The Planetary Regime might be given responsibility for determining the optimum population for the world and for each region and for arbitrating various countries’ shares within their regional limits. Control of population size might remain the responsibility of each government, but the Regime should have some power to enforce the agreed limits. As with the Law of the Sea an other international agreements, all agreements for regulating population sizes, resource development, and pollution should be subject to revision and modification in accordance with changing conditions.The Planetary Regime might have the advantage over earlier proposed world government schemes in not being primarily political in its emphasis—even though politics would inevitably be a part of all discussions, implicitly or explicitly. Since most of the areas the Regime would control are not now being regulated or controlled by nations or anyone else, establishment of the Regime would involve far less surrendering of national power. Nevertheless it might function powerfully to suppress international conflict simply because the interrelated global resource-environment structure would not permit such an outdated luxury.

 


Page 917 full-length extended quote:

If this could be accomplished, security might be provided by an armed international organization, a global analogue of a police force. Many people have recognized this as a goal, but the way to reach it remains obscure in a world where factionalism seems, if anything, to be increasing. The first step necessarily involves partial surrender of sovereignty to an international organization. But it seems probable that, as long as most people fail to comprehend the magnitude of the danger, that step will be impossible.

 



Full Context: High-res scans of all pages cited in this report

Click on each of the images below to see the full-size scans of the pages mentioned in this report:

Front cover
Back cover
Title page

 

Page 749
Page 786
Page 787

 

Page 788
Page 789
Page 837

 

Page 838
Page 839
Page 917

 

Page 942
Page 943
Page 944

 

Page 1001
Page 1002
Page 1003

 



Photographs of Ecoscience, inside and out

Any finally, for the final proof that this is a real book co-authored by John Holdren — and that these are real quotes from that book — and not some elaborate hoax, here are some photographs (as opposed to scans) of the book itself:

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EPA Rules Coal Fly Ash Not Harmful-Used In Chemtrails-‘Scientists’ Can’t Figure How Grand Canyon Is Becoming Saturated With Mercury-It Is Called Agenda 21

EPA Refuses To Classify Coal Fly Ash As Hazardous Waste, Primary Toxic Component Of Chemical Geoengineering

Read entire article here

http://cosmicconvergence.org/?p=10974

Timing of the December 2014 Ruling Reflects EPA’s Complicity with Unlawful and Harmful Chemical Geoengineering Programs in Advance of Paris Climate Conference this November/December.

When a prominent scientist such as J. Marvin Herndon conducts the necessary scientific research which proves unequivocally that the many toxic contaminants from chemical geoengineering are coming from the primary ingredient that is coal fly ash, the EPA has a HUGE problem.  Not only has aluminum been showing up in extraordinarily high concentrations, so too have mercury, lead, arsenic, cadmium and strontium.   Coal fly ash also contains radioactive isotopes of uranium and thorium which means these are now being sprayed into the ambient air that Americans breathe every day.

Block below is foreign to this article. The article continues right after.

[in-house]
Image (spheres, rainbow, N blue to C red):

Coal Fly Ash Used In Chemtrail Aerosols: Geophysicist Produces Conclusive Evidence

The preceding exposé includes the landmark, peer-reviewed scientific research paper that Dr. Herndon published at the International Journal of Environmental Research and Public Health.  This crucial paper demonstrates that the coal fly ash is being released into the troposphere in massive amounts.  The test study results, easily duplicated data and authoritative interpretation all pose an exceedingly inconvenient truth for the EPA.

Simply put, the EPA has knowingly permitted the literal saturation of American skies with a highly toxic mix of deleterious substances. The list of known harmful chemicals do not include the other deleterious components which have also been scientifically determined by other investigators to exist in coal fly ash, as well as in various chemtrail formulas.

 

Mercury, did you catch that?

 

  • Mercury;
  • Selenium;
  • Bioaccumulation;
  • Large rivers;
  • Food web

Abstract

Mercury (Hg) and selenium (Se) biomagnify in aquatic food webs and are toxic to fish and wildlife. The authors measured Hg and Se in organic matter, invertebrates, and fishes in the Colorado River food web at sites spanning 387 river km downstream of Glen Canyon Dam (AZ, USA). Concentrations were relatively high among sites compared with other large rivers (mean wet wt for 6 fishes was 0.17–1.59 μg g–1 Hg and 1.35–2.65 μg g–1 Se), but consistent longitudinal patterns in Hg or Se concentrations relative to the dam were lacking. Mercury increased (slope = 0.147) with δ15N, a metric of trophic position, indicating biomagnification similar to that observed in other freshwater systems. Organisms regularly exceeded exposure risk thresholds for wildlife and humans (6–100% and 56–100% of samples for Hg and Se, respectfully, among risk thresholds). In the Colorado River, Grand Canyon, Hg and Se concentrations pose exposure risks for fish, wildlife, and humans, and the findings of the present study add to a growing body of evidence showing that remote ecosystems are vulnerable to long-range transport and subsequent bioaccumulation of contaminants. Management of exposure risks in Grand Canyon will remain a challenge, as sources and transport mechanisms of Hg and Se extend far beyond park boundaries. Environ Toxicol Chem 2015;9999:1–10. © 2015 SETAC